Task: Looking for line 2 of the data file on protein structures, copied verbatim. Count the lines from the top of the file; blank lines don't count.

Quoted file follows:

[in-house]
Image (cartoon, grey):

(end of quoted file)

Image (cartoon, grey):